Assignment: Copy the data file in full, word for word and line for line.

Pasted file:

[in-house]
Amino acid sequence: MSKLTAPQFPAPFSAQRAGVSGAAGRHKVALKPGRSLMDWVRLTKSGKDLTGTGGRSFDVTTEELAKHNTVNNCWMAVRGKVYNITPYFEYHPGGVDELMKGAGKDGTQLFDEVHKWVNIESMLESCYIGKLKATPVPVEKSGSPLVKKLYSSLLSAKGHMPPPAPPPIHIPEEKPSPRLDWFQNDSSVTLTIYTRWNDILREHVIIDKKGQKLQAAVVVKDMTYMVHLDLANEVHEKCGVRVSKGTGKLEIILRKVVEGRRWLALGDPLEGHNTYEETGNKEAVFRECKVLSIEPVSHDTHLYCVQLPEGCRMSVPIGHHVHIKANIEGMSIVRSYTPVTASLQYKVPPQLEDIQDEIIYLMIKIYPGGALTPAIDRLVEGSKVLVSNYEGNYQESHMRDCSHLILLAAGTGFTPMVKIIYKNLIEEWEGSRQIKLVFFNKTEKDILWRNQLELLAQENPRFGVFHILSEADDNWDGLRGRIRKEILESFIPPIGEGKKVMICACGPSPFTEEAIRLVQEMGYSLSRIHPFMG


[in-house]
Amino acid sequence: MSKLTAPQFPAPFSAQRAGVSGAAGRHKVALKPGRSLMDWVRLTKSGKDLTGTGGRSFDVTTEELAKHNTVNNCWMAVRGKVYNITPYFEYHPGGVDELMKGAGKDGTQLFDEVHKWVNIESMLESCYIGKLKATPVPVEKSGSPLVKKLYSSLLSAKGHMPPPAPPPIHIPEEKPSPRLDWFQNDSSVTLTIYTRWNDILREHVIIDKKGQKLQAAVVVKDMTYMVHLDLANEVHEKCGVRVSKGTGKLEIILRKVVEGRRWLALGDPLEGHNTYEETGNKEAVFRECKVLSIEPVSHDTHLYCVQLPEGCRMSVPIGHHVHIKANIEGMSIVRSYTPVTASLQYKVPPQLEDIQDEIIYLMIKIYPGGALTPAIDRLVEGSKVLVSNYEGNYQESHMRDCSHLILLAAGTGFTPMVKIIYKNLIEEWEGSRQIKLVFFNKTEKDILWRNQLELLAQENPRFGVFHILSEADDNWDGLRGRIRKEILESFIPPIGEGKKVMICACGPSPFTEEAIRLVQEMGYSLSRIHPFMG